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Power Vinyasa Yoga -Is This the Biggest Difference Maker?

Before we start, I know what you are thinking. How is yoga going to help me become a better baseball player? Isn’t yoga for girls? I need to get stronger, not more flexible. By the end of this article, you will realize how ridiculous all of those statements are. Yoga will get you stronger and more flexible, which absolutely correlates to on field performance, but more importantly, it trains your mind to stay in the moment and stay calm when everything else gets loud and hectic. This article, if implemented correctly, could change your career. You could vastly change your level of play by training your mind to always be present and stay cool when the pressure rises. If you truly want to be great, you must find every avenue to get better. Power Vinyasa Yoga is one of those avenues and it should not be an ignored component of your training.


The following are the questions and answers from my interview with Mike Marshall, owner of UGotSoul Yoga based in Las Vegas, Nevada. The answers are based on notes taken during our phone interview and are not verbatim from Mike himself. By the end of this article, you will understand how power vinyasa yoga can help you become a better athlete and how to get started if you have never tried it yoga before.

1. When did you start doing yoga and why?

-I started about 15 years ago, before yoga became a popular fitness trend, as a way to add another component to my workouts. At first, I mainly focused on flexibility, but it ended up becoming a way for me to teach and challenge my mind to stay present.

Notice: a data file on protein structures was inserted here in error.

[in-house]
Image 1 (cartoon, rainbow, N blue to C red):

2. What drew you to yoga and kept your passion going for all these years?

-The mental aspect, as well as the feeling after you finish a yoga practice. It’s addicting, for sure.

3. What do you see as the largest benefits of yoga for an athlete?

-Most people would guess flexibility. However, I believe the most important thing yoga teaches us is how to stay in the moment. There is POWER in the PRESENT. Working between the ears is not only difficult, but also very uncomfortable for most people. Sitting still, in silence, and controlling your thoughts is a huge challenge. Most athletes want to work out in the gym, run sprints and do sport specific exercises. Yoga is a difference maker. The ability to stay calm through chaos is what it’s all about. We like to ask, can you function in the dysfunction? We also always ask, how is your EQUANIMITY? This is a word that means mental calmness… being non-reactive. A consistent yoga practice can take your game, as well as your life, to the next level. The challenge is the ability to take what you learn on the yoga mat into real life.

4. Would you say yoga is equally as important as weightlifting for athletes? If so, why?

-Absolutely, they compliment each other. Yoga also aids recovery in a huge way. This allows the athlete to train more often and more efficiently.

5. What do you see as the biggest weakness athletes have when they do yoga for the first time?

-EGO. A lot of athletes are used to being the best on the field. You won’t be the best in the yoga room your first time and that’s okay, but it still bothers some people. Balance, flexibility and concentration are also big areas of weakness that athletes struggle with. Yoga will humble you.

6. Does it matter how someone does yoga, whether in a class, on their own, or following a video?

-I would prefer a class because they can gain energy from the people around them. I work with a lot of college and high school teams and the energy you build together provides the ultimate team-building experience.

7. What are some different types of yoga a young athlete might run into and how do they decide which class would be best for them and their athletic needs?

-I teach “Vinyasa Flow” yoga, which means one breath- one movement. The class should be challenging enough to push you to your edge. The flows, which are different movement progressions, also require you to concentrate and stay focused on the different sequences. I also believe it is important to end with “Savasana”. This is a period of 10-15 minutes where you are laying still and concentrating on being calm and staying present. In order to find the right class, look at the yoga studio schedules and class descriptions and pick the one that meets your needs. Don’t be afraid to try different classes and keep an open mind.